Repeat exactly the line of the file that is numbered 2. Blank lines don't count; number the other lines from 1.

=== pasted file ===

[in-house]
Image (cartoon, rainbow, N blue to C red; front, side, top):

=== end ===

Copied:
Image (cartoon, rainbow, N blue to C red; front, side, top):